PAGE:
Six weeks ago, when I walked in on my first day at Her Agenda I had no idea what to expect. I told myself to breath deeply and learn what I could by taking it one day at a time.
No one tells you how quickly taking it one day at a time can make the weeks pass by. As my time at Her Agenda comes to a close, I am reflecting on how this experience has shaped me. Here are a few things I’ve learned throughout my internship:
1. Time management is a self-imposed skill
Her Agenda was my first internship where there wasn’t someone looking over my shoulder the entire time. While this was initially shocking to me, it eventually helped me understand how to manage my time for myself.
I learned that I should not have to be told to budget my time. Part of having good work ethic was establishing a system of productivity that works for me. I decided to set deadlines for myself by writing a few things I wanted to get done each day. Having that sense of autonomy felt unfamiliar at first, but I was able to get into an effective rhythm by structuring my own routine. In the end I valued having the responsibility of holding myself accountable for the work I had to get done.
2. I am only as good as my network
Shaking someone’s hand and introducing yourself isn’t enough. As I was introduced to other professionals through Her Agenda, I had to work on building connections with them and not just forgettable acquaintanceships.
A lot of times this meant getting out of my comfort zone. For example, I never thought to share anything personal about myself or my interests with other professionals. However, this became a key strategy to make an impression. Even mentioning details about my background or where I saw myself in the next few years could completely change the nature of the conversation I was having. People are a lot more willing to open up or extend a helping hand when they feel like they know a little more about you. When I followed up with emails, I had something to reference.
As an aspiring writer, I learned that how much talent you have doesn’t matter if no one knows who you are. Making myself memorable became important as I realized that the connections that I make now could be a defining factor in where I end up.
3. My fellow interns were one of my most valuable resources
When asked what my weakness was during my interview, I responded, “I don’t play well with others.” My point was that I preferred to work as an individual. Honestly, that’s a reason writing appeals to me. I pictured myself in my own bubble, headphones blasted, silently typing at my keyboard every day. I expected to engage with the other interns sporadically.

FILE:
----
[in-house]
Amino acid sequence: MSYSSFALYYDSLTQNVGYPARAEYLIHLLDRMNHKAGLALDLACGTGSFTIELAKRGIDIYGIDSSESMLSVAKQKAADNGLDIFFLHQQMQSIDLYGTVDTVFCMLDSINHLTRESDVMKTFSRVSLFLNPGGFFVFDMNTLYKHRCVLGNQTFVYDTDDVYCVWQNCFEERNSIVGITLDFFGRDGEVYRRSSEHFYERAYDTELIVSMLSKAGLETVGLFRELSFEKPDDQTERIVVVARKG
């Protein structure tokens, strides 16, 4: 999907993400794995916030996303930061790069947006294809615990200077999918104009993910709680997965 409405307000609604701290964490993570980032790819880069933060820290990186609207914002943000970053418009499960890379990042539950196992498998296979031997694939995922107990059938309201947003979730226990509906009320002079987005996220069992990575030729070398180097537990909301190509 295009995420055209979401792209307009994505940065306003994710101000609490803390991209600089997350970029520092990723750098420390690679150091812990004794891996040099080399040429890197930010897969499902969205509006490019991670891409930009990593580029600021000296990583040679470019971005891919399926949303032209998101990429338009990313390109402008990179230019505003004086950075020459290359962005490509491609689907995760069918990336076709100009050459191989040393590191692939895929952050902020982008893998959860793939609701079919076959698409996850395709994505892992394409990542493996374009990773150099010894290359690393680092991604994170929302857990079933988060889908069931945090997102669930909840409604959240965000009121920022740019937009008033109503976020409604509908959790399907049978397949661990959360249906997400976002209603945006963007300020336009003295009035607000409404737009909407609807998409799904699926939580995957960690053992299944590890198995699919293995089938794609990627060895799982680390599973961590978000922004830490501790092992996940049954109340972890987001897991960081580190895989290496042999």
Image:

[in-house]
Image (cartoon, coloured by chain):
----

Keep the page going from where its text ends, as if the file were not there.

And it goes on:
But after a few weeks we all became dependent on each other. I found that being a writer isn’t as individualistic as I thought. I didn’t always have answers for myself. I didn’t always have the right phrasing at the top of my head. The other interns were my go-to for questions I had, a second opinion on my editorial, or even for engaging conversations if I needed a break. I never thought I would appreciate being surrounded by people with similar interests and unique talents. The bond that I built with those ladies is one of the takeaways that I cannot place a value on.
4. I was not hired to be perfect
The first time I made a mistake, I couldn’t help but feel so disappointed in myself that I did little else for the rest of the day. But when the period of self-pity passed, I had to accept that I was bound to make more mistakes as the internship carried on – especially considering it was only my first day.
Sure enough, I made plenty of more mistakes as time passed. Rather than wallow in disappointment, I had to learn to be patient with myself and bounce back. Of course, one should always set high expectations for themselves. However, it’s toxic to be so hard on yourself that you can’t see the value in learning from your mistakes. When I was hired at Her Agenda, they knew that I would not be perfect from the beginning. The only person that hadn’t yet accepted that I had a lot to learn was me. The internship, as I came to know, was about growth. Growth takes time.
I stopped seeing asking questions as a sign of incompetence and rather as an indicator that I was willing to improve. In the beginning, I was so caught up in being useful to the company that I forgot Her Agenda was most useful to me in helping me build skills that I didn’t have when I first started.
5. It’s important to evaluate experiences in the long term
As amazing as they were, these six weeks are coming to a swift end. As I think about my next steps, I am looking at my experience at Her Agenda as an indicator of where I see myself heading.
Throughout the internship, I was encouraged to take notice of the aspects I enjoyed about the job as well as the aspects I did not enjoy as much. Naturally, I enjoyed the writing process but discovered that social media was not my forte. However, having experience in both gave me a sense of direction for what I’m looking for in my next internship on top of the lessons that I am taking with me as I depart.